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Fracking controversial: Levant's arguments for 'ethical energy' dismissive

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Ezra Levant.

CNS TYLER ANDERSON/NATIONAL POST Enlarge Image

Ezra Levant.

Ezra Levant is not your typical revolutionary. A self-described pundit on Sun TV and the bestselling author of Ethical Oil: The Case for Canada's Oil Sands, Levant has carved out a controversial niche as the hyperbolic voice of Canadian conservatives.

In Groundswell, Levant offers a sharp-tongued polemic in defence of the virtues of shale gas. Groundswell portrays an economic, environmental and geo-political "revolution" fuelled by "cheap, clean" shale gas and driven by the ingenuity of the market. According to Levant, the only things standing in the way of this new world order are "the enemies" -- an unholy combination of environmental extremists, brutal dictators and cowardly regulators.

Levant's explanation of the technique used to "release otherwise inaccessible stores of oil and gas" from shale, best known as fracking, is impressively accessible. The controversial technology involves the fracturing of shale rock through high-pressure injection of water mixed with sand and chemicals.

To Levant, fracking is a "revolutionary technology," the great economic equalizer -- and not just for Wall Street bankers or Silicon Valley pointy-heads. It means better lives, more jobs and higher incomes for ordinary working folks. Shale gas, says Levant, is as a critical tool in freeing the U.S., Canada and Europe from the tyranny of gas oligopolies.

Revisiting a theme from Ethical Oil, Levant argues that the crux of our energy future comes down to a simple choice between "ethical energy" represented by shale gas and "conflict energy" sold by serial human-rights violators such as Iran, Qatar and Russia.

In a short and ultimately unpersuasive argument, Levant rejects criticism of the effects of shale gas upon water quality and greenhouse-gas emissions. He repeatedly brands fracking as "clean and harmless." Renewable technologies such as solar photovoltaic and wind are dismissed as the "costly fantasies" of jet-setting environmentalists. Particular venom is reserved for the practitioners of theatrical, "anti-fracking pornography" such as Josh Fox of the Grassland documentaries.

Levant concludes with an attack on the "Luddites" who argue that a high-energy lifestyle driven by technological innovation cannot endure. Sustainability proponents are dismissed as "subsistence-economy ascetics" whose arguments have been annihilated by fracking's success.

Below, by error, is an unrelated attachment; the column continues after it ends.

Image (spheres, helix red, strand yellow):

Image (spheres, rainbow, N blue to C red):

Levant is at his most compelling in his analysis of the sinister consequences for the Ukraine and Poland of "Russia's gas extortion." He makes a persuasive case for shale gas as a disruptive threat to the status quo, at least in America. While his smirky style is not for all, he has a real facility for the pithy summary. He achieves near eloquence in highlighting fracking's message of economic opportunity.

Strangely, for such an avowed disciple of the marketplace, Levant appears to have over-sold the immediate prospects for a shale gas revolution outside of North America. In April, 2013, Forbes magazine identified "Six Reasons Fracking Has Flopped Overseas;" a year later, the BBC was reporting that the "Shale industry faces global reality check."

Equally tellingly, Levant's dismissal of solar as a "messiah fuel" has been challenged by dramatic and ongoing cost reductions in the cost of solar/storage. The U.S. and China, meanwhile, appear poised for significant solar growth. Apparently, there is more than one revolution afoot.

Levant's environmental arguments in favour of shale gas are seductively simple, but run afoul of current science. A 2014 report of the Council of Canadian Academies notes "the assessment of environmental impacts is hampered by a lack of information about many key issues, particularly the problem of fluids escaping from incompletely sealed wells." Information gaps are unlikely to assuage the concerns of fracking skeptics.

Levant glibly dismisses concerns over community health and essentially ignores the importance of reconciling indigenous rights with natural-resource development. But his undoubted gifts as a polemicist are undermined by a fundamental credibility gap. By characterizing the issue of human-influenced climate change as "speculative," he casts an analytical pall over his entire analysis.

While a shale gas revolution is upon us, Groundswell fails to acknowledge equally powerful currents in the marketplace related to renewables, and marginalizes the fundamental question of whether our ecosystem can sustain existing levels of resource use.

 

Byron Williams and Joëlle Pastora Sala practise environmental law in Winnipeg.

Republished from the Winnipeg Free Press print edition August 2, 2014 G8

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Updated on Saturday, August 2, 2014 at 8:44 AM CDT: Formatting.

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